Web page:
Roberts, a neurosurgeon and medical doctor from Dartmouth Hitchcock Medical Center (USA), urged the optical-scientist audience to “recruit your enthusiasm” by bringing information to neurosurgeons about the benefits of fluorescence-guided procedures on intracranial tumors. Neurosurgeons can’t always find all traces of disease with white or blue light, he said, but fluorophore technology can identify tumor cells and guide resections of intracranial tumors while protecting functional tissue. Roberts noted that 99% of neurosurgeons “have no appreciation for the information that can be obtained from these fluorescent signals. We need to bring this information into the operating room.”
Vadim Backman of Northwestern University (USA) revealed the first nanoscale measurement, chromatin-based, label-free assessment of cancer’s activity inside cells and described how his approach will allow physicians to identify pre-cancerous tissue that would otherwise be missed. Backman said test kits will reach the US medical marketplace as early as 2016, starting with a target of heavy smokers, with colon cancer screening tests to follow soon.
Brett Bouma of the Wellman Center for Photomedicine (USA) gave an upbeat talk on how diagnostic procedures using optical coherence tomography (OCT) technology have become the gold standard for detecting diseases of the eye, heart and gastrointestinal tract, looking for disease in the body — without incisions. Advances in endoscopic OCT have included a 20-fold increase in image speed, now producing 3,000 frames per second, he said. Other advances include new probes such as tethered capsules, polarization-sensitive imaging, and uses in biopsy guidance.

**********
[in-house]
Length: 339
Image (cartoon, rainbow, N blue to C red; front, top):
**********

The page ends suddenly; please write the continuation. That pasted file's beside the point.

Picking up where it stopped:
SPIE member Paola Taroni, a professor at the Politecnico di Milano (Italy), described a 218-patient study on collagen using light at specific wavelengths as a noninvasive way to look for breast cancer. Collagen is important as a major constituent of stromal tissue, which determines breast density, a risk factor in breast cancer. Her group devised a collagen index based on the amount of collagen in the tissue and have found that high collagen content has a high correlation with malignant lesions. The results are dramatic, said Taroni. “But we have years to go before it will help patients.”
Richard Rosen of the New York Eye and Ear Infirmary (USA) showed the power of adaptive optics (AO) techniques to detect glaucoma and problems with the eye’s rods and cones and to reveal the great complexity of retinal diseases. These OCT techniques have been used in clinical diagnosis since 1990, using an approach first used “to take the twinkle out of stars” in astronomy. They’ve been applied to the eye since 1997 to view individual rod cells at 2 microns in vivo. “AO eliminates the blur in images, showing the capillaries more clearly,” Rosen said, and can even reveal microaneurysms and how they progress in the retina.